Baltimore City

Former Baltimore officer who cut dog's throat to get $45,000 in back pay

Sarah Gossard is pictured with her Shar-Pei Nala, who was killed by police in June 2014.

A former Baltimore police officer acquitted of animal cruelty charges after he slit a dog's throat will receive $45,000 in back pay from city government.

Jeffrey G. Bolger, 50, is to get payment for about 10 months of paychecks he missed while on unpaid leave from the Police Department. The Board of Estimates is expected to approve the deal Wednesday.


In November, Baltimore Circuit Judge Melissa M. Phinn ruled that prosecutors failed to prove that Bolger was criminally responsible for the death of a 7-year-old Shar-Pei named Nala when he slit the dog's throat in June 2014. Bolger was charged with mutilating an animal, animal cruelty and misconduct in office.

Police commanders had called the killing "outrageous and unacceptable" and accused him of threatening to "[expletive] gut this thing."


But the judge said the evidence indicated the officer was acting in the interest of safety and that he believed he was putting the dog out of its misery.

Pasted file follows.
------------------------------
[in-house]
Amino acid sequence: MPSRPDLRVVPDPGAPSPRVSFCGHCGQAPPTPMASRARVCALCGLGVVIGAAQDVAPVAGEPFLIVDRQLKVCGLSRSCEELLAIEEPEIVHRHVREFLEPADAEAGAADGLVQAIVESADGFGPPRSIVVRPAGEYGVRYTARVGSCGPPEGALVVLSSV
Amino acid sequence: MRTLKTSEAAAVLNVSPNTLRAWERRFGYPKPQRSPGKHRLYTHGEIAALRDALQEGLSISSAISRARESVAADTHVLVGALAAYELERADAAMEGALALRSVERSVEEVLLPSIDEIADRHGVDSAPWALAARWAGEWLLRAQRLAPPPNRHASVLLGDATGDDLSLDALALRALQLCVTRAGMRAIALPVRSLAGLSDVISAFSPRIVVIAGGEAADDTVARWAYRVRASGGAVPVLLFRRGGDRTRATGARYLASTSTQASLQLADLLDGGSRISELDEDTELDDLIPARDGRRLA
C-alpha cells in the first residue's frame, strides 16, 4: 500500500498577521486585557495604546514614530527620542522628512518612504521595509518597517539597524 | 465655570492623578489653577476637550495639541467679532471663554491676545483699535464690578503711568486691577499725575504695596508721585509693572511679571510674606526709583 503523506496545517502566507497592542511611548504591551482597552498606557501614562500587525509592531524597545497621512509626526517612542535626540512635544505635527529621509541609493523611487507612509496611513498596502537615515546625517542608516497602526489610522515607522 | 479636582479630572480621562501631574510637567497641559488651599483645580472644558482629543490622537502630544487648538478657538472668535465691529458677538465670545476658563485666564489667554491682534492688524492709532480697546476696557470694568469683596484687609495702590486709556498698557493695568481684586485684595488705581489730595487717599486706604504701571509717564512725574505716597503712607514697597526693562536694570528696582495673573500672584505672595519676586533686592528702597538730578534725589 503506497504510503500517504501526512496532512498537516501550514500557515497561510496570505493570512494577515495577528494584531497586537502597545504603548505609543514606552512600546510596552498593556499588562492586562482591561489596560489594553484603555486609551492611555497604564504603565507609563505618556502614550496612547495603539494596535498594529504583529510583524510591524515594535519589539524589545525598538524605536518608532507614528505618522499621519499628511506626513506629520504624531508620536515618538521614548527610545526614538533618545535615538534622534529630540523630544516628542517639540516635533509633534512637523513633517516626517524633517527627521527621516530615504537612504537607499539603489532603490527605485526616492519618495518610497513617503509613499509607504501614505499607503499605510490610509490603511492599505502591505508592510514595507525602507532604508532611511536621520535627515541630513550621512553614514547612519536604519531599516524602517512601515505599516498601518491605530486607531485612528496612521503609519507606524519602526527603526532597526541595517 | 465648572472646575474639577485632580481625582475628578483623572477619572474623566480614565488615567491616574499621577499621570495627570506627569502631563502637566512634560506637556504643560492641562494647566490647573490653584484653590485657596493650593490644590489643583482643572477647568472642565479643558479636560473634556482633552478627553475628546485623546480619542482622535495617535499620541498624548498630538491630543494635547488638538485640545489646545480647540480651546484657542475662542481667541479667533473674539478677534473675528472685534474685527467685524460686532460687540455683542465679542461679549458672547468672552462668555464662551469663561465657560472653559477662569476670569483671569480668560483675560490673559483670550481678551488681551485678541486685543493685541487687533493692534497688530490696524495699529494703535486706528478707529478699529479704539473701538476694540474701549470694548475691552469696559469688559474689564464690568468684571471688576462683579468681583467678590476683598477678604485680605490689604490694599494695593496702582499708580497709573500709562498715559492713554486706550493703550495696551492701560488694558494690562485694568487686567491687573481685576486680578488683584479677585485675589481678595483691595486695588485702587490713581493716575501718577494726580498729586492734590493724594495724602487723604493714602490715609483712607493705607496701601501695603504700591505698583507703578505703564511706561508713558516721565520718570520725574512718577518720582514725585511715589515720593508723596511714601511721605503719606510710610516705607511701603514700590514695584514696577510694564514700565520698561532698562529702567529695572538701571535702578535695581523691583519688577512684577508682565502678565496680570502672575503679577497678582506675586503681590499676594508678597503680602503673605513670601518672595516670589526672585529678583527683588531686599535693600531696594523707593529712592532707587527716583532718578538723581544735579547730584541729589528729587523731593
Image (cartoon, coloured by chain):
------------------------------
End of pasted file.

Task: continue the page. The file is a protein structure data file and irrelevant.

Under the police union contract, Bolger is entitled to receive back wages for the period he was suspended, from June 2014 to March 2015. He was forced to retire early from the Police Department, according to his attorney.

Steven H. Levin, who represented Bolger, said his client was unnecessarily charged and suspended from the department. "The evidence was overwhelming that Mr. Bolger acted appropriately," Levin said Monday.

Nala's owner, Sarah Gossard, said her dog escaped through a gate in her Canton backyard in June 2014. The dog ended up in Brewers Hill and bit a woman on the hand, leaving a superficial wound. The woman called police to help capture the dog, and officers of the Emergency Services unit, which handles some dangerous-animal calls and carries dog-control poles, were summoned.

According to charging documents, Bolger and Officer Thomas Schmidt responded. Officers tethered Nala to the dog-control pole, police said. Witnesses told police Schmidt held down the dog while they saw Bolger slit its throat. Charges against Schmidt were later dropped.